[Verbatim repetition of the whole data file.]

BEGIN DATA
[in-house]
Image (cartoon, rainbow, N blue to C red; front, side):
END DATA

[in-house]
Image (cartoon, rainbow, N blue to C red; front, side):